Appletons' Cyclopædia of American Biography/Oconostota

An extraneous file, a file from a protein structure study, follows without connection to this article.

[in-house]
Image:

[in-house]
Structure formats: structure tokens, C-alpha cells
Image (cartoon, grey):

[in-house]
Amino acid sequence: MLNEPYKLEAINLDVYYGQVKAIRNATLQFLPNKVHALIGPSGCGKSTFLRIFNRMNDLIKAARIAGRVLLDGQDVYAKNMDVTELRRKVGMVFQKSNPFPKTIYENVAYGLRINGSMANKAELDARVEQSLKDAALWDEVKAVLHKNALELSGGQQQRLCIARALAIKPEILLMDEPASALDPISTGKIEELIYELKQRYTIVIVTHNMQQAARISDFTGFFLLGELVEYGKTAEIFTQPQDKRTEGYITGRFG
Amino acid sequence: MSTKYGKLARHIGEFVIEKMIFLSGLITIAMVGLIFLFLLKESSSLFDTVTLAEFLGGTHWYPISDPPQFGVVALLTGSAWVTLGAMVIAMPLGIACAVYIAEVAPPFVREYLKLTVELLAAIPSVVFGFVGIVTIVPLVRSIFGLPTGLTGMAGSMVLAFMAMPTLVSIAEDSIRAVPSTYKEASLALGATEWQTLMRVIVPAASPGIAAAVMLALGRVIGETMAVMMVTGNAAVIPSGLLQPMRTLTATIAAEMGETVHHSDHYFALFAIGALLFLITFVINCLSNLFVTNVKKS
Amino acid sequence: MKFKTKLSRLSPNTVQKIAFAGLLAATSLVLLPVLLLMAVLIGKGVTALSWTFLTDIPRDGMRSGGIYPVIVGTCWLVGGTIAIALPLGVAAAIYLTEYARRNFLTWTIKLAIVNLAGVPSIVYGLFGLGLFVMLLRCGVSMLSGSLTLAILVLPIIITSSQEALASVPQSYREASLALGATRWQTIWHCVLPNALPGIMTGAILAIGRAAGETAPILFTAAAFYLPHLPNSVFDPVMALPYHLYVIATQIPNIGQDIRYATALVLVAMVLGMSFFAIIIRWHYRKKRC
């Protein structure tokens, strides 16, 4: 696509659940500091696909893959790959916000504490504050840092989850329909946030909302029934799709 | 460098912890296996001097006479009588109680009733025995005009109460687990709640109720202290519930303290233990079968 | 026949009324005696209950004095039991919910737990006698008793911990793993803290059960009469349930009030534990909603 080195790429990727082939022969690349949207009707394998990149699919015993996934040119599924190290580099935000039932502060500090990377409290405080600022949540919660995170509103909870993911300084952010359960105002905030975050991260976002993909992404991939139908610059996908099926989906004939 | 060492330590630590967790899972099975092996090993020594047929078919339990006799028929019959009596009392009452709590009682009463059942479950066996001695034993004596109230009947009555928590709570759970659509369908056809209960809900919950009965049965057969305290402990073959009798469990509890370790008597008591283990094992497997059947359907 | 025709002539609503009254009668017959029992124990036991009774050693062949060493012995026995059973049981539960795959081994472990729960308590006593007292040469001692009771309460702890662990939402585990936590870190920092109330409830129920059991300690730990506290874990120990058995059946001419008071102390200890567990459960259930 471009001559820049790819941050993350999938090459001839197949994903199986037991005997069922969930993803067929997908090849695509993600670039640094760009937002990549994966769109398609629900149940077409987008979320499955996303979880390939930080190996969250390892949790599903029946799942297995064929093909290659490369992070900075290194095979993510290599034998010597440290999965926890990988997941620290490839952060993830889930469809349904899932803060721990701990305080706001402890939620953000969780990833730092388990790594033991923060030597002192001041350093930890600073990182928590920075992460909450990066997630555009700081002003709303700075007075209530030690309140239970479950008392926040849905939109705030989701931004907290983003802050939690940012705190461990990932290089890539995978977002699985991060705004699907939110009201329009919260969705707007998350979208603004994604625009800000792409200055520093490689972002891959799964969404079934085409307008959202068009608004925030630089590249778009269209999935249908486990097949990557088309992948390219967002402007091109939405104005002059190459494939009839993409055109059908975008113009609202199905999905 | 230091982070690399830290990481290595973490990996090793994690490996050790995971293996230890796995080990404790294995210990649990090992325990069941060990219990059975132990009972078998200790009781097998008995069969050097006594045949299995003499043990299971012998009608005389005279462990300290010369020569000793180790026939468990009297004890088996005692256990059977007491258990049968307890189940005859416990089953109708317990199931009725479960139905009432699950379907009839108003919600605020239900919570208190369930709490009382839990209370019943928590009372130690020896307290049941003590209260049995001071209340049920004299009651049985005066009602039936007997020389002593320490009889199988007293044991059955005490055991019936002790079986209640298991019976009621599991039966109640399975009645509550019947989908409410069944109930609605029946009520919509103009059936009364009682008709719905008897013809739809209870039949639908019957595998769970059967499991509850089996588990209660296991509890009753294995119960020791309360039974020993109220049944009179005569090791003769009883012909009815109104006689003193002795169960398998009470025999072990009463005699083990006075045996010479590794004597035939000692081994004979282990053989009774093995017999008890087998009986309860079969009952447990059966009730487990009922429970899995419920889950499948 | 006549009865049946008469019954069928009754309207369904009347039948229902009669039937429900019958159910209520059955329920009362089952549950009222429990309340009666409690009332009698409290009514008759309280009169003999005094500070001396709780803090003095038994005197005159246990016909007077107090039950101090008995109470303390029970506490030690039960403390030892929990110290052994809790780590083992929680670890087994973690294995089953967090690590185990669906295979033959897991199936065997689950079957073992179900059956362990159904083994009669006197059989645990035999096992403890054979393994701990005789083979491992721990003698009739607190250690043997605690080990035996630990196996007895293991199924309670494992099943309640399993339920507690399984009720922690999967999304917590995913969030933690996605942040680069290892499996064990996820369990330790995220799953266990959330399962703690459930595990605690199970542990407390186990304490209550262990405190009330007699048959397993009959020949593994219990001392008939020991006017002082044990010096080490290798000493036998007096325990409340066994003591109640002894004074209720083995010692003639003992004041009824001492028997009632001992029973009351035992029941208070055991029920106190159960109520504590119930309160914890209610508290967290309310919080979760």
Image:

OCONOSTOTA, head king or archimagus of the Cherokees. The exact dates of his birth and death are unknown, but he had attained to the age of manhood in 1730, and was living as late as 1809. He was a man of herculean frame, undaunted courage, and great physical prowess, and while yet a very young man was one of the six delegates that, in 1730, visited George II. at “his great house across the water.” About 1738 he was elected head king of his nation, and exercised almost despotic sway over the Cherokees and their allies, the Creeks. He sided with the English in the war with France, but afterward, exasperated by an attack on a party of his men by settlers, who accused them of horse-stealing, he invested, with 10,000 allied Creeks and Cherokees, Fort Prince George and Fort Loudon, in the heart of the Cherokee country. At the same time he made a general attack upon the back settlements of the Carolinas. By stratagem he lured into his power and massacred the commander of Fort Prince George, and he soon reduced Fort Loudon to the alternative of surrender or starvation. Being allowed to retain their arms and promised safe conduct to Virginia, the garrison of two hundred surrendered, but was treacherously attacked at the close of the first day's march, and, according to the generally received account, all but Capt. John Stuart, Isaac Thomas, a scout, and a soldier named Jack, were killed. Oconostota then directed Stuart to work the captured guns, with which he proposed to reduce Fort Prince George, and, on his refusal, threatened to burn him at the stake. Stuart's life was saved by the vice-king, Atta-culla-culla (q. v.), who conducted him in safety to Virginia. The English then destroyed the Cherokee towns, and reduced the nation to the last extremities. Peace was finally granted them only on the intercession of Atta-culla-culla. Oconostota was ever afterward the faithful ally of the English. In 1770 a handful of pioneers, under James Robertson (q. v.), crossed the Alleghanies and settled upon the Cherokee territory at Watauga. The Cherokees received them kindly, and Oconostota granted them an eight years' lease of the lands that they occupied, but when, in March, 1775, they demanded an absolute cession of the territory, he opposed it in an eloquent speech in which he predicted the fate of his nation. He was overruled in the great council of the tribe, the cession of the Watauga lands was made, and also of the Cherokee claim to Kentucky. When he had signed the treaties he turned to Daniel Boone, who had been active in the negotiations, and said to him: “Young man, we have sold you a fine territory, but I fear you will have some difficulty in getting it settled.” In a little more than a month the battles of Lexington and Concord were fought. John Stuart, who had been appointed British superintendent of the southern Indians, at once conceived a gigantic scheme for crushing the southern colonies by a combined front and rear attack. A British land and naval force was to descend upon the seaboard, while Oconostota, at the head of 20,000 combined Choctaws, Chickasaws, Creeks, and Cherokees, should attack the back settlements. A year of time and millions of money were expended in the preparation, and in July, 1776, the execution of the plan was attempted. Sir Peter Parker descended upon Charleston, but was beaten off, and a like fate befell the scattered rear attacks, Oconostota himself being driven back by John Sevier with only forty men. A five years' struggle followed, during which Sevier, with at first only 200 men and with never more than 1,000, inflicted defeat after defeat upon the old king and his 10,000 warriors. At last the nation dethroned Oconostota. and elected in his place the peace-loving Rayetayah. This broke the spirit of the old monarch, and he sought oblivion in drink, which soon robbed him of his manhood. For nearly thirty more years he is known to have wandered about, a homeless, weak, besotted, and despised old man, begging a measure of meal or a gallon of whiskey from the “white brother” he so intensely hated, and he did not sink into the grave until he had seen that his own evil policy had brought about the entire subjugation of his country. The last recorded account of him is in the letters of Return J. Meigs, U. S. agent among the Cherokees. He writes in 1809 that his study of the classics was often interrupted by the intrusion into his tent of the “greasy old Oconostota,” who would wail for hours over his departed greatness.